Why you need 3 presentations (with increasing depth) to land investment post your seed round

The 3 step process to raising money post your seed has

a) an overview step – usually at a demo day (3-5 min presentation) or via a warm introduction followed by

b) a first meeting (30 – 60 min) where your pitch deck showcases your company and business and finally

c) a follow on second meeting (60-90 min) with partners at the firm where you outline your operating plan

Your overview presentations’ goal is to pique interest in 5-7 slides and generate enough excitement to warrant a follow on meeting

The pitch deck’s purpose in 12-15 slides is to give enough visibility into your business to help potential investors understand it.

The operating plan’s purpose in 15-25 slides is to share the details of how you plan to invest the raised capital to get to the milestones that will make your company succeed.

Over the next few days I will take each slide deck and share some of my experiences with examples.

Let us first take the overview deck. This is typically given at your demo day or when you have 3-5 minutes alone to pitch, instead of 30 minutes (when you will need your pitch deck)

Your should cover 5-7 key areas and here is what I recommend:

1. Your single line positioning, company name, founder’s email and angel.co profile address.

E.g.

1. Get Magic Now – Text this number to get what you want with no hassles

2. Seed.co – Modern business banking without branches

3. Get Meadow – Buy medical marijuana for delivery today.

The positioning is different from your tag line, which focuses more on being memorable and different about how you do something as opposed to what you do.

Here is how I think about positioning: Try to address in one word who your customer is, another word for what you do for them and third word for how you do it differently

2. The problem you solve (and focus on the customer specifically) – be as specific as possible, and show how customers are currently solving that problem. Here are some tips on presenting your problem slide.

3. Your solution & how is it different – use screen shots to show your product if you wish

4. Size of your market – total and addressable market size is preferred. Here are some tips on presenting your market slide.

5. Traction – be as specific as possible either in terms of users, revenue, or other metric you are tracking. # of meetings with customers or discussions with prospects is not traction. Here are some tips on presenting the traction slide.

6. Team – answer why you are uniquely positioned to execute this opportunity

7. Call to action – Dont say we invite you to talk to us. Ask for folks to download, or ask them to tweet for early access, etc.

Over the next few days I will outline each of these slides with examples.

How to be a more innovative startup by changing just 2 words in your meetings daily

Most every startup wants to be innovative. That’s the essence of being in a startup. To be innovative, most entrepreneurs realize they have to get their culture right. An innovative culture fosters and innovative workplace which builds an innovative company.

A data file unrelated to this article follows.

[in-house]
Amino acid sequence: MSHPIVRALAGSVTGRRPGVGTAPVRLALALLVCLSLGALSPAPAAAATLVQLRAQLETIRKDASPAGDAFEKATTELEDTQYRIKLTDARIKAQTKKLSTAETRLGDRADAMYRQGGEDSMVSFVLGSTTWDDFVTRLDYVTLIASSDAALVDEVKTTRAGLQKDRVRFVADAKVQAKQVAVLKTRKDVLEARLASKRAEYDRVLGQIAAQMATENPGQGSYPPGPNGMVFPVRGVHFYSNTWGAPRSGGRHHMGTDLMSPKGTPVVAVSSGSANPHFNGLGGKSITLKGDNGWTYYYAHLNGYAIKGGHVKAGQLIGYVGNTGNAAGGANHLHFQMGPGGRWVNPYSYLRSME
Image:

So, now the question is how do you build an innovative culture?

To build an innovative culture, I believe you have to encourage experimentation. Lots of it. Most people learn only by experimenting, not by sitting in classrooms and being taught. While it is important to sit and learn the first principles, most everything else needs to be learned by doing. You will have to let people try lots of things and learn what works for your company, your industry, your market and your customers.

The trouble with experimentation is that it breeds failure. Lots of failure. If everyone of your experiments were successful, then you are not taking enough risk, which means the company wont be as innovative. In fact, the leading indicator for innovation in most companies is the number of failures they have. Which means they are taking more, but managed risk. A good metric to measure, is the # of experiments your startup conducts in a unit of time and what the failure rate is.

The best way to do this is to practice the art of disciplined experimentation. Which is why I am a fan of the phrase “My discipline will beat your intellect“.

So, if you do conduct a lot of experiments, you will fail. How do you understand, organize and learn from your failure?

Most companies conduct an audit of their experiments, the hypothesis, the initial learning and the final results. That’s where the the biggest problem is to be found.

Most managers and executives are trained to ask the question –

“Who to blame”?

That’s the question that most meetings post experiments start with? What happened? Why did it happen? Who is to blame?

I propose a small change instead, which will get your people less defensive, more open to taking risks and experimenting.

The right question to ask is –

“What to blame”?

Focusing on the process, steps, methodology and systems brings out the best answers to the question “how do we get better”?

Surprisingly you learn more about people, their strengths, limitations, weaknesses and biases if you focus on the process that was broken instead of assuming that the people messed it up.